In the next six months, General Motors’ first 4G cars will start rolling off dealer lots, but on Tuesday GM treated me to a sneak peak at what its newly revamped MyLink infotainment system and OnStar connectivity platform will look like.
First off, GM has come a long way from the point where its connected cars only sported one third-party application, Pandora. Starting with model year 2015 Chevys and then moving to Cadillacs and GMCs, the automaker is completely overhauling its approach to the connected car. Instead of depending on the driver’s smartphone to both provide the data link and run apps, it’s moving everything into the dash, inviting developers to design apps within an HTML5 framework and connect to AT&T’s LTE network through embedded radios.
A budding app library
The most obvious result of that effort is an app store built directly into the dash, and it’s beginning to get populated with apps. I counted a dozen during a GM press event in Chicago Wednesday, most of them streaming services like NPR, TuneIn, iHeartRadio, Kaliki and Slacker Radio, though there were a few location-based services and general information apps such as Glympse, Weather.com, Eventseeker and Cityseeker.
GM is currently working with a select group of developers to gradually bring new apps to the platform, said Chief Infotainment Officer Phil Abram. He wouldn’t say whether that means this catalog of 12 apps will be only services AppShop launches with this summer, but I didn’t get the impression GM is in any hurry.
Abram said AppShop won’t be a big app store like Google Play — there will never be thousands of apps in its catalog. GM will screen new submissions for quality and to ensure they’re suitable for in-vehicle consumption (i.e. they don’t distract drivers from the road). While Abram has a point in that our connected cars may not need 10,000 apps, they will certainly need more than 12 if only to capture the broad variety of audio streaming services out there. Pandora and Slacker are great, but there are a lot of people who subscribe to Spotify, Rdio or Beats Music.
I tested out the MyLink directly on a Chevy Impala and saw it in action on the new Corvette. The big center-console touchscreen shared by both vehicles was vivid and easy to navigate with large app icons, making them easy to find and mash with my chubby digits while keeping my eyes on the road.
There was a lot of noticeable lag in loading the apps, and some apps like Glympse and NPR wouldn’t open at all. GM officials explained that many of the apps were still in development. Some of the apps like Priceline.com’s hotel finder service were more demo mockups (I could look at as many Las Vegas hotels as I liked, but couldn’t get it to do a local search for available rooms in Chicago).
But there were definitely apps on the platform that appeared fully formed and ready for launch. Weather.com was one. With a touch of button it not only showed you the five-day local weather forecast but also read it out loud through the car’s audio system.
Delving deep into the guts of the car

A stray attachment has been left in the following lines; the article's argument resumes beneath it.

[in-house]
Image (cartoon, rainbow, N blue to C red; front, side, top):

GM’s most impressive app, though, was the one it designed itself. Called Vehicle Health Monitor, the app does a complete diagnostic check of the car’s systems, pointing out possible issues on easy-to-read vehicle diagrams. And if it finds a problem it will even offer to book a maintenance appointment with your dealership, searching its appointment book for open time slots.
The Vehicle Health app is an example of GM moving outside the confines of the infotainment system and tapping into the control access networks of the car itself. Other automakers have built similar diagnostic applications, but the difference here is that GM is going to extend that access to developers through application programming interfaces. One day Pandora may be able to automatically select a music station based on how fast you’re driving or whether the windshield wipers are on.
Tapping vehicle telematics systems could wind up being one of GM’s most popular development features if usage of GM’s own OnStar Remote Link service is any indication. Abram said that in January automated digital interactions with OnStar nearly surpassed voice interactions with live OnStar advisors. Because of the cold wave sweeping the country, OnStar is processing about 20,000 remote engine starts an hour from its Remote Link smartphone app, so drivers can pre-warm their cars.
The final service I tested out was GM’s in-vehicle Wi-Fi connectivity. I had no problem linking my iPhone to the car after entering a password, and as it connected to AT&T’s LTE network, I was able to surf the web and stream video without a glitch. Even if you wind up sharing a data plan between your phone and your GM car, you might want to bypass your phone’s LTE radios and connect through in car Wi-Fi. Not only will you save your phone’s battery, but you’ll get a better connection via the car’s external high-gain antenna.
Obviously GM’s new connected car platform is still in development so I don’t want to be too harsh a critic. What did work happened to work very well, so if GM and its developers iron out of the bugs, they will have an impressive and powerful infotainment system on their hands.
GM will definitely need to expand its app catalog significantly, however. GM is right to be cautious about what software it lets into the vehicle — in fact it’s required by law to do so — but if it doesn’t have the apps people are using on a daily basis, then MyLink isn’t very useful. That’s a problem that not only GM faces, but the entire auto industry.